The production of goods and services to meet the demands of the people (Pakistanis) has always been lower than needed as Pakistan, unfortunately, is not a ‘self-sufficient state’. Pakistan is an agro-based economy (primary sector) with the major proportion of its income and GDP relies on the agricultural sector. And the production of food products is not only going on to feed the mouths of about 200 million of the people of Pakistan but also go for exports. Unfairly imposed taxes and restrictions on the agricultural activities and farmers badly influenced the production, and thus the GDP of the country. Resultantly, lower production levels and an imposition of taxes collectively led to the higher prices of the commodities, hence, inflation turns out to be an ultimate product.
The concept of huge imbalance between imports and exports followed by trade deficit in Pakistan is known to all. The current account deficit reached to $8.5 billion this year, signaling that fiscal health of this country is poor. As per the expectations, the huge inflow of expensive machinery and equipment — to be used for projects under China-Pakistan Economic Corridor (CPEC) — will further add to the amount of deficit, indicating deep-laying economic flaws in the country. The substantial decrease in export levels, due to serious power outages has dramatically led to the decrease in production of goods and services, affecting volumes of goods exported. One is unsure about the intentions of the political elite which claimed to eliminate power shortages by bringing 15000 MW into a system by the end of 2018. The inability on the part of industrialists to run their operations at full capacity due to the power crisis has severely led to shrinkage of profits for them. Thus, following cost-cut strategies, firms have to make labour force redundant, contributing less to the GDP and economic growth.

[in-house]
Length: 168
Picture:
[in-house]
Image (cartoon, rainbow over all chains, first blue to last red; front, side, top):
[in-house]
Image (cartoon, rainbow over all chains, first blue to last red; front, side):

Moreover, the expansionary fiscal policy which includes (increasing taxes and spending on infrastructure development) is another way to put an economy on the path of developed economies of the world. Regrettably, tax — the major source of money resource for the country — in Pakistan has its own grim history. Tax collection simply remains a tough task in Pakistan. People are not willing to pay taxes to the state, claiming that their hard-earned money would go on to add personal assets of the power elite of this country instead of being spent on the well-being of the masses. But what has seemingly added fuel to the fire is the dysfunctional and poorly managed tax collecting institutions such as Federal Board of Revenue (FBR).